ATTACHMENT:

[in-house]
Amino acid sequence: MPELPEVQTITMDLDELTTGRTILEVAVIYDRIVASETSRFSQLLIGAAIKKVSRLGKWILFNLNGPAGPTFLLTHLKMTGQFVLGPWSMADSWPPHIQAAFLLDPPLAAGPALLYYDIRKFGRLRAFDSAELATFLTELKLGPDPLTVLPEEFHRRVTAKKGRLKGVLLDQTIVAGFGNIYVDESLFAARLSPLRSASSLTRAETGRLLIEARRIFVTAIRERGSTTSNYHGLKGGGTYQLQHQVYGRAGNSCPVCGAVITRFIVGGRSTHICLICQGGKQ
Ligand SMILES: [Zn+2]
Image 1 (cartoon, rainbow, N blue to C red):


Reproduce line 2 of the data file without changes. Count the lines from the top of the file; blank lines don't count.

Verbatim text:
Amino acid sequence: MPELPEVQTITMDLDELTTGRTILEVAVIYDRIVASETSRFSQLLIGAAIKKVSRLGKWILFNLNGPAGPTFLLTHLKMTGQFVLGPWSMADSWPPHIQAAFLLDPPLAAGPALLYYDIRKFGRLRAFDSAELATFLTELKLGPDPLTVLPEEFHRRVTAKKGRLKGVLLDQTIVAGFGNIYVDESLFAARLSPLRSASSLTRAETGRLLIEARRIFVTAIRERGSTTSNYHGLKGGGTYQLQHQVYGRAGNSCPVCGAVITRFIVGGRSTHICLICQGGKQ